6,300 astronaut hopefuls apply to NASA

NASA has received 6,300 applications from people wanting to be astronauts, the second-highest number in the space agency's history.

'We will be looking for people who really stand out,' space agency says

NASA astronaut class member Mark Vande Hei and navy instructor Victor Mower conduct water survival training at Naval Air Station Pensacola in Florida. (NASA/James Blair/Associated Press)

NASA has received 6,300 applications from people wanting to be astronauts, the second-highest number in the space agency's history.

"This is a great time to join the NASA family," NASA administrator Charles Bolden said. "Our newest astronauts could launch aboard the first commercial rockets to the space station the next generation of scientists and engineers who will help us reach higher and create an American economy that is built to last."

NASA typically receives between 2,500 to 3,500 applications. The highest response was in 1978 with 8,000 applicants.

The rigorous and lengthy selection process begins with a review of applicants by a team of mostly active astronauts who prepare a short-list of candidates.

Those who make the cut will be brought to the Johnson Space Center for further interviews, medical examinations and psychological testing.  

"We will be looking for people who really stand out," said Peggy Whitson, chief of the astronaut office at NASA's Johnson Space Center and chair of the astronaut selection board.

"Our team not only will be looking at their academic background and professional accomplishments but also at other elements of their personality and character traits — what types of hobbies they have or unique life experiences. We want and need a mix of individuals and skills for this next phase of human exploration."

Nine to 15 applicants will be chosen to be part of NASA's 21st astronaut class, which will be announced in the spring of 2013.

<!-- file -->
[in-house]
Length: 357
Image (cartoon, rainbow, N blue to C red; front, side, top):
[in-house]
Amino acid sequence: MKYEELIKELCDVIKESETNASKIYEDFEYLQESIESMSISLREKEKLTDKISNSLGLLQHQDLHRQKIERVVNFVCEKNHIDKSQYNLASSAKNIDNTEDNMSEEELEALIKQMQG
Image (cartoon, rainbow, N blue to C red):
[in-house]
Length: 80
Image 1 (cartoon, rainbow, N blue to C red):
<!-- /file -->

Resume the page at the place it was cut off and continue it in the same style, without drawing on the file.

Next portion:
They will undergo two years of initial training, including space station systems, Russian language and spacewalking skills. Those who complete the training will be assigned technical duties at Johnson and, ultimately, missions.

Astronauts need to learn Russian because the only way to ferry people and cargo to the International Space Station is on the Russian Soyuz rocket, after NASA retired its aging fleet of shuttles.

So far, Chris Hadfield is the only Canadian astronaut who has been assigned a space mission. He is scheduled to take off in November aboard a Soyuz rocket and spend six months aboard the space station.

Two other astronauts with the Canadian Space Agency, David Saint-Jacques and Maj. Jeremy Hansen, are based in Houston and haven't so far been assigned a mission in orbit.

More rigorous screening

NASA reviewed its medical and psychological screening and followup health-care procedures for astronauts in 2007 "to ensure [they] have the level of psychological and medical care and attention they need" following a bizarre love triangle involving two of its astronauts.

Lisa Nowak, 46, a navy captain and married mother of three, was a member of NASA's astronaut class of 1996 and had flown on one mission, STS-121 in 2006. She became upset that Colleen Shipman was dating her former love interest, NASA shuttle pilot Bill Oefelein.

Nowak confronted Shipman in the parking lot of Orlando International Airport in February 2007 after driving 1,600 kilometres from Houston. She had worn diapers so she could drive straight through without stopping.

Her lawyer told court she suffered from major depression, obsessive-compulsive disorder, insomnia and a "brief psychotic disorder with marked stressors."

She pleaded guilty to felony burglary and misdemeanour battery and was sentenced to a year on probation in 2009. Both Nowak and Oefelein were dismissed from NASA.